This report was compiled by the individuals and institutions that comprised the ATS Peer-Group report on Competency-Based Theological Education and was originally published by ATS as part of their innovations in theological education initiative. To see the full list of participants and the complete report see here.
Competency-based theological education (CBTE) is an educational model that emphasizes: (1) learning more than “seat time,” (2) the mastery of professionally-oriented competencies, (3) well-planned learning activities or assessments (class-based or not, online or onsite) that students may complete at their own paces, and (4) a community of learning where regular and substantive interaction occurs between qualified faculty and students. CBTE programs may be course/credit-based or non-course/credit-based or both. One way to compare and contrast CBTE with more traditional educational models is that the CBTE model holds learning constant while time varies, whereas traditional models hold time constant while learning varies.
As we have progressed through this project, we have come to realize CBTE is more than merely a model to replicate. It is a value system that forms a foundation for a renewed approach to theological education. As evidence of this, two of the ten schools in our CBTE peer group have been approved by the ATS Commission on Accrediting for non-credit/course-based CBTE programs as five-year experiments: Northwest Baptist Seminary in June 2014 and Grace Theological Seminary in February 2017. A third school (Sioux Falls Seminary) operates a CBTE program that is essentially course/credit-based and does not require the approval of ATS, regional accreditors, or the United States Department of Education (DOE). (For a side-by-side comparison of the three schools, see the last page of this report.)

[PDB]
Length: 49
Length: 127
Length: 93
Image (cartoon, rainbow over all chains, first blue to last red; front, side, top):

Clearly, schools can deliver programs rooted in a CBTE value system in different ways. At the same time, all three of the programs in our peer group share a similar set of underlying values that form the foundation for their approaches to theological education. This value system calls us to think of theological education not as a transcendent form of education (graduate-level, traditional courses and credits, residency requirements) but as a transcendent function of education. As such, it needs to reinterpret itself from setting to setting to optimally fulfill its function.
We recognize CBTE as a movement that has outgrown “niche” status and rapidly is gaining traction in higher education. More than 600 institutions have some form in place; however, we’re convinced that one size doesn’t fit all, and that prevents our schools from blindly joining the wave. Not only does theological education in general have unique characteristics and requirements, but individual schools within the theological education world have distinct characteristics and requirements. Seminaries that embrace CBTE need to consider its underlying value system and discern if it fits in their contexts. CBTE may require schools to raise the value they place on certain aspects of theological education while lowering the value for other aspects. Member schools also must allow for differences that arise among sister schools that implement CBTE programs.
The goal of our research is two-fold: to help seminaries determine if CBTE is right for them; and to help seminaries design and initiate CBTE programs that support their missions, meet the needs of their constituents, and follow best principles and practices for ATS member schools.
Read the full report here.